It's been more than 35 years and I can still vividly remember one of the stories Gifford told as if it happened yesterday.
Two of his defensive teammates were in a religion class where the teacher challenged everyone to share the gospel with a non-member during the week and report on it the following week.
Before they knew it, it was the end of the week and neither had done anything. BYU was in Colorado Springs that Saturday to play the Air Force Academy, and at halftime, they realized they were running out of time and opportunities.
Late fourth quarter and the Air Force quarterback is running for his life, when "Bam!" he's hit simultaneously by both defenders for a sack and underneath the pile — one says, "What do you know about Mormons?" followed by, "Do you want to know more?" from the other.
The audience laughs on cue, then Gifford pauses for effect and drops the punch line: "You guys, get off me, I'm already a Mormon." I was mesmerized with the way he told such a simple story.
Gifford was already a Houston Oiler by the time I arrived in Provo, but his legacy was well-established. BYU football players were often asked to speak at firesides, and remembering how polished Gifford was, I accepted every opportunity to go, typically from Floyd Johnson, our equipment manager who was the unofficial team chaplain.
Consider how those speaking opportunities affected our careers in media and politics: Steve Young and Trevor Matich at ESPN; Glen Kozlowski at WGN radio in Chicago; Nielsen formerly at KHOU-TV in Houston; Blaine Fowler; Todd Christensen; Alema Harrington; Jan Jorgensen and Hans Olsen in Utah sports radio; former BYU baseball player Steve Eager at Fox Dallas; myself at NBC Philadelphia; and former BYU teammate Jason Chaffetz, a Utah congressman. It's interesting to note that few if any of us ever took TV or media classes at BYU. We basically learned to speak extemporaneously at firesides, like the one I first attended with my dad to see and hear Gifford Nielsen.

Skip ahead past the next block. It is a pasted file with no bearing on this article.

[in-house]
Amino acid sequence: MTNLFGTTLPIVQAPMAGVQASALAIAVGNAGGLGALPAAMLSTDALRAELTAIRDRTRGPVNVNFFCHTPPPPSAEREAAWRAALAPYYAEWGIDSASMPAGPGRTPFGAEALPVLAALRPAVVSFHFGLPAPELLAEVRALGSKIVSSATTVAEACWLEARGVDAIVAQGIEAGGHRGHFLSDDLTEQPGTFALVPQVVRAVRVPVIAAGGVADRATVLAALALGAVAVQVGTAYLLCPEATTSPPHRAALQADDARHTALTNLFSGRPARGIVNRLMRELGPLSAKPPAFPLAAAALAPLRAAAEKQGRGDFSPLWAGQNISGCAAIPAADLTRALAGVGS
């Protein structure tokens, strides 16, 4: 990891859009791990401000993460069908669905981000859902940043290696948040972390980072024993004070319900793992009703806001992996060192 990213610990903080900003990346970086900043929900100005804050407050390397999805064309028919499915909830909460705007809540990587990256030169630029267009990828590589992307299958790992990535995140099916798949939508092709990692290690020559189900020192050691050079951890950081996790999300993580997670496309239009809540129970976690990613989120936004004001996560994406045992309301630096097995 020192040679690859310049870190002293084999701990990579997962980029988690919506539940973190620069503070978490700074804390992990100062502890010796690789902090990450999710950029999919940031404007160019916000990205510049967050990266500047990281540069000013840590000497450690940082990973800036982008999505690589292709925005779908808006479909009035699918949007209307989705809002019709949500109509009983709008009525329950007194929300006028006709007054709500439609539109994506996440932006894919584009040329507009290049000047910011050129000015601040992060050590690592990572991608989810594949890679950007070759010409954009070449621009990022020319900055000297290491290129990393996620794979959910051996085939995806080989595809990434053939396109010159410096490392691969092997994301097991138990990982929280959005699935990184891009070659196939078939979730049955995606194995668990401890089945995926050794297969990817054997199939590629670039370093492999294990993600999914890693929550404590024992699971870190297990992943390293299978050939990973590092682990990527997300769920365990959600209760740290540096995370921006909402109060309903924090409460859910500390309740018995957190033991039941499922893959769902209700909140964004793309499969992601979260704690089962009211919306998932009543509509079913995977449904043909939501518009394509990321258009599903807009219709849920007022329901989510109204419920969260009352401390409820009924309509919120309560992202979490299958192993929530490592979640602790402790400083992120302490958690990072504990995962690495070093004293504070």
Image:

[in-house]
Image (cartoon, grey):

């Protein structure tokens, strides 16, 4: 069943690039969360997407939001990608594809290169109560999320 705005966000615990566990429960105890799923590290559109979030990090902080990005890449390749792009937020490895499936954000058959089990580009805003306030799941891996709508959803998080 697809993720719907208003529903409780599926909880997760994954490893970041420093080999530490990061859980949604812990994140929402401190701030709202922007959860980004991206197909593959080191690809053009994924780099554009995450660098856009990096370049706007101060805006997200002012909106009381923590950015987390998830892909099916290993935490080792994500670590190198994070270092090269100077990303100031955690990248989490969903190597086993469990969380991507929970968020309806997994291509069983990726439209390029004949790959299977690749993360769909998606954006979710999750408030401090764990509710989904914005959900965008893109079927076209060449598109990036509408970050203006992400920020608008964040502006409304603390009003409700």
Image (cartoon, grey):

Of course, as BYU alumni, Giff and I have become good friends. Beyond that first meeting, he's been something of a mentor. I specifically followed Giff's career path following football because he once told me while I was still in the NFL that for him, doing sports on local TV offered him a better life than being an analyst where he'd be required to travel and work Sundays.
That's precisely why I didn't pursue being a football analysts, but rather local TV. Giff assured me I wouldn't make a seven-figure salary as the network analyst, but we could be comfortable and have a better quality of life if I was fortunate to work in a big media market. When I accepted a two-year contract with the Eagles in my final stop in the NFL, I did so because Philly was the largest market of the offers I had. I hoped that if I played well enough and found some TV work at a local station, I might be able to parlay it into a permanent career, just as Giff did in Houston. Amazingly, that's exactly how it happened.
To no one's surprise, Giff became Elder S. Gifford Nielsen in April 2010, when he was called as an Area Authority Seventy in Houston.
He continues to impact people's lives from the pulpit.
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